David Gessner: Quiet Desperation, Savage Delight
David Gessner discusses his newest book, Quiet Desperation, Savage Delight: Sheltering with Thoreau in the Age of Crisis.
Quiet Desperation, Savage Delight
When the pandemic struck, nature writer David Gessner turned to Henry David Thoreau, the original social distancer, for lessons on how to live. Those lessons--of learning our own backyard, re-wilding, loving nature, self-reliance, and civil disobedience--hold a secret that could help save us as we face the greater crisis of climate.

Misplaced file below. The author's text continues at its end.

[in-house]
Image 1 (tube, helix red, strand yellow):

David Gessner is the author of eleven books that blend a love of nature, humor, memoir, and environmentalism, including Leave It As It Is: A Journey Through Theodore Roosevelt’s American Wilderness and the New York Times-bestselling All the Wild That Remains: Edward Abbey, Wallace Stegner and the American West. Gessner currently serves as Chair of the Creative Writing Department at the University of North Carolina Wilmington, where he is also the founder and Editor-in-Chief of the literary magazine, Ecotone. His prizes include a Pushcart Prize, the John Burroughs Award for Best Nature Essay, the Association for Study of Literature and the Environment’s award for best book of creative writing, and the Reed Award for Best Book on the Southern Environment. In 2017 he hosted the National Geographic Explorer show, "The Call of the Wild." He is married to the novelist Nina de Gramont.